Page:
Skip to main content
Premium Trial:

Request an Annual Quote

This Week in PNAS: Oct 4, 2016

In the early, online edition of the Proceedings of the National Academy of Sciences, researchers from the University of North Carolina at Chapel Hill introduce sequencing strategies to characterize the single-base DNA damage and nucleotide excision-based DNA repair patterns associated with cisplatin chemotherapy. As they demonstrated in the human lymphocyte cell line GM12878, the Damage-seq method takes advantage of DNA adducts formed in response to cisplatin-induced damage, using them to block replication by high-fidelity polymerase enzymes. On the other hand, excision repair sequencing, or XR-seq, tracks post-cisplatin repair by capturing and sequencing oligomers that get released during nucleotide excision repair.

Stanford University researchers Euan Ashley, Stephen Quake, and colleagues describe a case of long-QT syndrome caused by somatic mosaicism involving a mutation that occurred not long after fertilization. Using whole-genome sequencing, the team searched for suspicious mutations in an infant of Asian ancestry who developed a dangerous arrhythmia. The rapid sequencing strategy uncovered a variant in the SCN5A sodium channel gene, prompting follow-up trio exome sequencing, genotyping, and RNA sequencing on her cardiac tissue. The investigators found further evidence that the mosaic SCN5A mutation, found in just 8 percent or so of her cells, was contributing to the arrhythmia. They detected a handful of other cases with somatic mosaic mutations related to long-QT syndrome when they screened 7,500 more individuals with undiagnosed arrhythmia.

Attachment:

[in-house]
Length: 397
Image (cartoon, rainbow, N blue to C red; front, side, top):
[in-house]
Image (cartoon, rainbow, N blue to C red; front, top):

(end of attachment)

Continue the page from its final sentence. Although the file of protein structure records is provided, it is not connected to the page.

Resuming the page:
German researchers present a sequencing method designed to characterize transcripts depending on their interactions. The "gradient profiling by sequencing," or Grad-seq, combines sequencing with RNA and protein sedimentation in a glycerol gradient to group coding and non-coding transcripts based on RNA-protein interaction networks, the team says. In its proof-of-principle experiments, Grad-seq uncovered structured small RNAs interacting with a conserved protein called ProQ in pathogenic Salmonella enterica bacteria. "Given its generic ability to chart a functional RNA landscape irrespective of transcript length and sequence diversity, Grad-seq promises to define functional RNA classes and major RNA-binding proteins in both model species and genetically intractable organisms," the authors write.